By MICHAEL GINGOLD
Starring Morten Burian, Sidsel Siem Koch and Fedja van Huêt
Directed by Christian Tafdrup
Written by Christian Tafdrup and Mads Tafdrup
At the very beginning of this summer’s Fantasia International Film Festival, the two showings of SPEAK NO EVIL toward the end of the fest were already sold out. Clearly the movie’s reputation preceded it, based on its attention-grabbing Midnight screening at Sundance earlier this year, and it turned out to warrant the enthusiasm. Not since George Sluizer’s original THE VANISHING has a movie built so gradually yet inexorably from placid beginnings to a conclusion of sheer, merciless horror.
THE VANISHING was Dutch and SPEAK NO EVIL (which opens in New York and LA theaters September 9 before streaming exclusively on Shudder beginning the 15th and hitting more big screens the 16th) is Danish, and coincidentally, those are the nationalities of the two families SPEAK focuses on–with an exacting, uncompromising gaze. Danes Bjørn (Morten Burian) and Louise (Sidsel Siem Koch) and their young daughter Agnes (Liva Forsberg) are on a group holiday in Tuscany when they make the acquaintance of Dutch Patrick (Fedja van Huêt) and Karin (Karina Smulders) and their little son Abel (Marius Damslev), and the two families become fast friends. Some time later, Bjørn and Louise receive an invitation from the other couple to visit them at their home. Patrick and Karin’s place is an eight-hour drive and a ferry ride away, but really, they were so nice and are being so gracious in reaching out this way–how can Bjørn and Louise say no?
That’s the question at the center of SPEAK NO EVIL’s approach to dread-building, which is predicated not on its protagonists’ inability to recognize danger signs, but on their reluctance to respond to them properly in the name of good manners. Just based on the genre of film we’re watching, we know that Bjørn, Louise and Agnes’ trip can’t end well, and director Christian Tafdrup, who scripted with his brother Mads, both teases and stokes our suspicions by playing snatches of Sune “Køter” Kolster’s threatening score over attractive, tranquil scenes from early on in the film. He also swiftly establishes the contrast between the two couples, particularly the men; Bjørn, who seems a tad repressed and accepting of his humdrum life, Louise and Agnes live in a monolithic apartment building, while the more uninhibited Patrick dwells with Karin and Abel in a rustic old house in the woods.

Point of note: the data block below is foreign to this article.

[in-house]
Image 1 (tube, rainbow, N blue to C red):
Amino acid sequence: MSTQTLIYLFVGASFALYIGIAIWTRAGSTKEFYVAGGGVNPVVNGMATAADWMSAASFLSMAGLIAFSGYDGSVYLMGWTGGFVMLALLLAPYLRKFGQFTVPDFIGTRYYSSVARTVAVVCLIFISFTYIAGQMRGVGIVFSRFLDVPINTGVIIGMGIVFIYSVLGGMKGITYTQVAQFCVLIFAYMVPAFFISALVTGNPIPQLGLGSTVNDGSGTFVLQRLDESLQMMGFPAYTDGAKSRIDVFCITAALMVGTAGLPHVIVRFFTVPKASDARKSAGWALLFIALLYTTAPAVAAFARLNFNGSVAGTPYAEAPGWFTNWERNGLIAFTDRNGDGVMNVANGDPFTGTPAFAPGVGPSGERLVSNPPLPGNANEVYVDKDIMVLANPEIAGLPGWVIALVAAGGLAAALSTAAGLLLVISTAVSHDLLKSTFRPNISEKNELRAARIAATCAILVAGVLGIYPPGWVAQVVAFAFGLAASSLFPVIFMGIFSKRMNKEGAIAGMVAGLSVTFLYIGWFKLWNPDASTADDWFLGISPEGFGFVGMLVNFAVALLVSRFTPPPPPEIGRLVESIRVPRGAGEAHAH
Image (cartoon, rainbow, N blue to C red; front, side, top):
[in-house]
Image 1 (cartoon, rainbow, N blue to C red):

At first, the visit seems like a happy one, with just a couple of small awkwardnesses that could be chalked up to Patrick and Karin not being used to having guests. Then, gradually, the microaggression grows into something more pronounced, as Patrick uses the bathroom while Louise is taking a shower there, and drives a little too fast and plays the music a little too loud on the way home from a restaurant outing. Bjørn seems willing to overlook these occurrences in the name of keeping the peace, and even seems to be responding to Patrick’s attempts to guide him into embracing his inner alpha male. Louise, however, is having none of it, and insists they need to depart early. But that will prove a lot easier said than done…
The director and his excellent cast play the increasingly tense interactions between the couples as scenes from a domestic drama, not a horror film, expertly toying with our expectations of both what Patrick and Karin are up to and how their guests will respond to it. SPEAK NO EVIL is one of those movies that really sucks you into wondering how you would respond in a similar situation, watching with increasing unease as circumstances build to what could be a breaking point, or some sort of terribly awful payoff. At the same time, where so many horror films and psychological thrillers have had characters fail to get out when the getting’s good out of simple foolishness, the Tafdrups have here created a jet-black comedy of manners in which middle-class codes of behavior have the potential to become its protagonists’ downfall.
Many have compared SPEAK NO EVIL to another European screws-tightener, Michael Haneke’s FUNNY GAMES, and while the Tafdrups’ film is just as excruciating and domestically contained, the villainy in GAMES is more blatant. The potential for terrible acts in SPEAK NO EVIL lurks under the surface for a good deal of the running time–and in the hesitation to acknowledge and respond to the subtle danger signs.